Dart’s Hill Garden

Dart's Hill Garden

Last weekend a friend and I headed out to visit Dart’s Hill in Surrey, BC. The last time I visited this seven acre garden the pond was a large hole in the ground. Look at it now. This is a scene not to be missed at Dart’s Hill.

Dart's Hill Garden

Most of the Peonies were finished. This one didn’t disappoint with its large white blooms.

Dart's Hill Garden

I couldn’t figure out what this plant was when I saw it. You see, Francisca Dart was a plant collector. Every plant on the seven acre property was grown by her. She loved the unusual plants the most. Above is Phlomis chrysophylla or golden-leaved Jerusalem sage. I like the way the flowers appear at different levels on this plant. It is a member of the Lamiaceae family so it may be a bit of a vigorous plant in the garden. When you have a large property like Dart’s Hill plants that fill spaces quickly are your best friend.

Dart's Hill Garden

Just to give you some idea of how large this garden is, this is part of the lower area of the garden near the orchard. Now I am wondering how long it takes to mow the lawn. The Dart family left the property as their legacy and it will continue to be a public park. City staff and volunteers make this a very unique garden. Saturday morning walks are held each weekend at the garden. Plant sales happen on open days at the garden. I was lucky enough to get myself a Primula called ‘Francisca’ named after the owner. It turns out she saw an unusual sport of Primula growing on a city boulevard and decided to bring it home for her garden. Its blooms are a mix of green and yellow.

Dart's Hill Garden

Talk about amazing flowers at the garden. When I saw this one I was in awe. The bloom is about 12″ across and the leaves on this big leaf Magnolia are huge.

Dart's Hill Garden

Now I want this tree in my garden. Its stunning! Its called Magnolia ashei  and grows to about 30′ tall and wide.

Dart's Hill Garden

Later I read this sign by the Magnolia tree telling about its history. I love plants that come with a story. Imagine waiting ten years for the tree to bloom. We gardeners are a patient bunch.

Dart's Hill Garden

As we walked the garden I spotted this bluish-green rose and realized I hadn’t had one in my garden for many years. Rosa glauca  bears single pink flowers in the summer followed by bright red hips. It’s the only rose I know of that will take light shade. Its the perfect plant for the foliage garden.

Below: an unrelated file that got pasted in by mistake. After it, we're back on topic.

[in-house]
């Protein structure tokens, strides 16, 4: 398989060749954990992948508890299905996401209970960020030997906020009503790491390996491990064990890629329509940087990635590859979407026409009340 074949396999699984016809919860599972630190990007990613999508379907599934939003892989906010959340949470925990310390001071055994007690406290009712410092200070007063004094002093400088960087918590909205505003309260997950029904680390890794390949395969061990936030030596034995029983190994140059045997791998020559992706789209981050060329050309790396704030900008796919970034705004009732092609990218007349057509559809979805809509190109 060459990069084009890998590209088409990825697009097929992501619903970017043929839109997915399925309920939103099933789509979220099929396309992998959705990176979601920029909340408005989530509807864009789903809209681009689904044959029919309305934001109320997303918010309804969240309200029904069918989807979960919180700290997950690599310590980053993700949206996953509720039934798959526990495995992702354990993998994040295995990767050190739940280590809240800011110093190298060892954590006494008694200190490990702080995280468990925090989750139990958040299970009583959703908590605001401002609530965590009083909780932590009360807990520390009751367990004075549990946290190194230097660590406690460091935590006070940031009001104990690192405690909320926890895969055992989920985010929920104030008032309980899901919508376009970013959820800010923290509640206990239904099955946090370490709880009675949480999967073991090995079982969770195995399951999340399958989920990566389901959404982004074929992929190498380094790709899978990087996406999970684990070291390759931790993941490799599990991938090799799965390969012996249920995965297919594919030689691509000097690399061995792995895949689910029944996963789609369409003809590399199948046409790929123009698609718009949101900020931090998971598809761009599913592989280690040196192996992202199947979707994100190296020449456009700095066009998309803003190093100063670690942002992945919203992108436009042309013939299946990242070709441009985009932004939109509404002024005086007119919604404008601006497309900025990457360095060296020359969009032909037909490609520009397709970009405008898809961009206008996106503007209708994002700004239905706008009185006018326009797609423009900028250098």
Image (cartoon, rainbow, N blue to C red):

Dart's Hil Garden

It was hard narrowing down this post from all the photos I took. Above the dogwood tree is a show stopper.

Dart's Hill Garden

I must remember to find some of this Primula for next spring. It was still blooming at the end of May well after most were done.

For more information about Dart’s Hill check out the site for details on open days. Remember not to miss the plant sale. All the plants come from Dart’s Hill. There are even Rhododendron seedlings from this garden for sale. Hint, the next plant sale is June 18. I may see you there.

 

2 thoughts on “Dart’s Hill Garden

  1. Kristen, this wonderful post resonated with me in many ways! I work for the City of Surrey. When I was the heritage garden coordinator I organized a tour of Darts Hill for the volunteers and I, led by Francisca herself. So special to learn about her garden through her eyes! She and her husband used to save up all their gas rations to travel out to the new property each weekend to clear and plant. She had a special love for trees, and many of the trees in the garden were started from seed she received from all over the world. And I also had the Francisca primula in my garden for a time, as well as one named for her husband – Edwin, I think. I’d love to repost this on my blog http://www.yesterdaysgarden.wordpress.com

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